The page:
Yesterday I rang the Breast Care Nurses as I wanted to check the procedure for changing the osteoporosis meds I am on.  Since taking them, I have been experiencing fairly constant indigestion and on one occasion, spent the day throwing up.  I am such a class act.  My GP is already on the case but I wanted to be certain that I would be referred to the same hospital.  In passing, I mentioned the pretty much constant back ache I have had since my diagnosis back in February when I slipped a couple of discs.

BC nurse: ‘I’m sorry?’

Me: ‘Erm, I’ve had backache since February …?’

BC nurse: ‘And you’ve not been scanned, have you?’

Me: ‘I had a DEXA scan.  But that’s not what you mean, is it?’

BC nurse: ‘No.  I think an appointment with The Doc would be wise.  Tomorrow?’

Me: ‘Wow.  Er, yes, fine.’

It is not exactly something you refuse, is it?  So today, I was back in clinic, sitting opposite the chemo unit, watching the time tick by, waiting once again.

As always, The Doc was lovely.  He has instructed my GP to refer me to the Osteoporosis clinic for six monthly injections (sub-cutaneous or IV, the jury seems to be out on that) and prescribed me variations on the vitamin D and calcium supplements I have to take.  I am being sent for an urgent MRI and bone scan.  Which means sometime in the next four weeks.  We will then reconvene to discuss the results.  He was alarmed by my backache which was disturbing.  ‘I’m 99% certain it’s my discs & osteoporosis,’ I said.  ‘Yes, yes,’ he mumbled in reply.

Neither of us mentioned the other possibility because no one wants to think about that.  So it sat there in the middle of the room, drawing attention to itself, like the embarrassing drunk at the party that no one wants to acknowledge.  Hopefully, by my next appointment, it will have sobered up and in the cold light of results, will have vanished like a distant hangover.

Lacy bones and new poisons

My ‘Thank You for Poisoning Me’ card

This visit to The Doc I remembered to bring the card.  He roared with laughter.  Always good to start with belly laughs, I feel.

On the whole, the visit was not the best.  It is always lovely seeing The Doc but the news from my DEXA scan was not good.  I had suspected it might not be but it exceeded my expectations.  I have osteoporosis.  Oh goody.  I come from a long line of women with osteoporosis so it really should not have come as a surprise.  Quite why it did I am unsure.  Perhaps surprise is the wrong word.  It is too gentle.  Those of a delicate disposition may wish to close their eyes for a minute.  Basically, this news fucking floored me.  I fell apart.  Not on The Doc, you understand.  Oh no.  I was absolutely the perfectly poised patient capable of competently coping with even the most devastating news.  And let’s face it, in the grand scheme of things, lacy bones are not the end of the world.  Driving home it was another matter.  I had not had a particularly good day up to that point already.  So driving home with tears coursing down my cheeks seemed like a good idea.  Not sure the other drivers agreed but what care I for that?!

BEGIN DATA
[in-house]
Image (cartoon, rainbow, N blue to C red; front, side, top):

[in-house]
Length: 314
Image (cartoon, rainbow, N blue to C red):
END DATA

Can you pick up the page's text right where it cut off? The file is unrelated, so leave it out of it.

To look at this in a Pollyanna-ish way, without breast cancer I would not have discovered this for some years, possibly until I fractured my spine or something equally unpleasant.  Also, it is treatable.  It means the bone sucking Letrozole will be administered alongside vitamin D and calcium supplements and I will be started on bisphosphonates.  This is good news in many ways.  Bisphophonates were recently linked to preventing secondary breast cancer in oestrogen receptor positive post menopausal women so obviously being automatically prescribed them is excellent.  They are the routine treatment for osteoporosis and both my mother and an aunt have been taking them for years.  Of course there is a downside.  They are notorious for causing gut irritation which should be interesting with my gastro-oesophageal reflux disorder but can be given IV if necessary.  What larks!

All of this is going to be administered and overseen by my GP rather than The Doc and to that end he has given me a handwritten letter for her and I am dismissed until October 2017 when I will be re-scanned and reviewed by him afterwards.  I shall miss our three weekly chats but it is progress.  And to that I cling.